5. Reading comprehension of pupils with hearing impairment

    OpenAIRE

    Pinkasová, Lucie

    2010-01-01

    Presented diploma thesis is focused on reading problems of people with hearing impairment. The theoretical part deals a hearing impairment, process of acquisition of reading skills of healthy people and deaf people as well. The practical part efforts to clarify preparations, process and results of the research. I am presenting my own reading comprehension test, which was compiled on purpose due to the research. The goal of my diploma thesis is to determine when the level of reading acquiremen...

  6. Impact of low vision care on reading performance in children with multiple disabilities and visual impairment

    Directory of Open Access Journals (Sweden)

    Krishna Kumar Ramani

    2014-01-01

    Full Text Available Background: Lack of evidence in literature to show low vision care enhances the reading performance in children with Multiple Disabilities and Visual Impairment (MDVI. Aim: To evaluate the effectiveness of Low Vision Care intervention on the reading performance of children with MDVI. Materials and Methods: Three subjects who were diagnosed to have cerebral palsy and visual impairment, studying in a special school were recruited for the study. All of them underwent detailed eye examination and low vision care evaluation at a tertiary eye care hospital. A single subject multiple baseline (study design was adopted and the study period was 16 weeks. The reading performance (reading speed, reading accuracy, reading fluency was evaluated during the baseline phase and the intervention phase. The median of all the reading parameters for each week was noted. The trend of the reading performance was graphically represented in both the phases. Results: Reading speed increased by 37 Word per minute, 37 Letters per minute and 5 letters per minute for the subject 1, 2 and 3 respectively after the intervention. Reading accuracy was 84%, 91% and 86.4% at the end of the baseline period and 98.7%, 98.4% and 99% at the end of 16 weeks for subject 1, 2 and 3 respectively. Average reading fluency score was 8.3, 7.1 and 5.5 in the baseline period and 10.2, 10.2 and 8.7 in the intervention period. Conclusion: This study shows evidence of noticeable improvement in reading performance of children with MDVI using a novel study design.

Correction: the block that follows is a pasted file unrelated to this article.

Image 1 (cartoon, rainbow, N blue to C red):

7. Developing a Culture of Readers: Complementary Materials That Engage

    Science.gov (United States)

    Sailors, Misty; Kaambankadzanja, Davie

    2017-01-01

    Many professionals, including members of the International Literacy Association, are concerned with the lack of reading materials in classrooms across the world. In this paper, the authors present the creation of high-quality, locally produced, complementary reading materials in Malawi, where there are very few children's books and few…

  8. Guided Reading in Inclusive Middle Years Classrooms

    Science.gov (United States)

    Lyons, Wanda; Thompson, Scott Anthony

    2012-01-01

    Teachers in inclusive classrooms are challenged to provide reading instruction for students with a wide range of instructional levels. This article reports on the implementation of guided reading in four middle years inclusive classrooms, the impact on student engagement and reading progress, and teacher perspectives on the guided reading…

  9. Collaborative Strategic Reading: Fostering Success for All

    Science.gov (United States)

    Annamma, Subini; Eppolito, Amy; Klingner, Janette; Boele, Amy; Boardman, Alison; Stillman-Spisak, Stephanie J.